Finding Hope in the Future

Because of COVID-19, I was not able to proceed with an incredible internship opportunity at Park Square Theater, so in terms of career, things seem uncertain. But as I look toward the future, I am excited to see what surprises and new opportunities may arise from this challenging time.


St. Kate's graduate Jaelyn Miltz
Jaelyn Miltz ’20

Age: 22

Major: Nursing

Monticello, Minn.

Experiencing Growth

St. Kate’s pushed me to grow as a person and as a woman. It’s pushed me to think about the human experience — not only mine, but everyone else’s. It’s such an accepting and loving place to be. People there believed in me when I didn’t believe in myself, and that’s helped me recognize my own strength and power.

I look back on 18-year-old me and think about how much more open-minded I’ve become. I still have plenty of space to learn and grow, and I don’t think there’s ever a final destination in terms of human experience. We can only see this tiny droplet of water on the leaf of the world. I’ll never be done exploring and growing.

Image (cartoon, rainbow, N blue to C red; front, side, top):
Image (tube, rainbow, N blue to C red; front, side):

Advice for New Katies

Keep your dorm room clean and things will feel less stressful. Join as many activities or groups as possible, meet new people, and develop amazing friendships. Cherish each moment because those years go by quickly.

Passion, Meet Profession

I chose nursing because I’ve always wanted to serve others, but the volunteer work I did at St. Kate’s really opened my eyes to more ways of serving. I helped immigrants learn English at Neighborhood House, provided foot care for homeless people at the Dorothy Day Center, and served dinner at People Serving People. I was also on the Student Leadership Council and vice president of the Student Nurses Association, and I enjoyed volunteering at Feed My Starving Children with that group. My campus job in safety and security shaped my leadership experience in ways I never would have predicted. I also worked in hospice care, interned in the operating room at St. Joseph’s, and I had a preceptorship (the nursing version of residency) in the ICU at Regions Hospital. I’d like to work in the ICU as an RN eventually.

Finding Hope in the Future

While I was sad my preceptorship was cut short due to COVID-19, the pandemic has offered a chance for me to learn about my own adaptability. These experiences completely reaffirmed why I went into nursing and what I’m meant to do. I’m excited to see how I apply them throughout my life.


St. Kate's graduate Hannah Carroll-Kinder
Hannah Carroll-Kinder ’20

Age: 24

Major: Business

Minneapolis, Minn.

Exploring New Pathways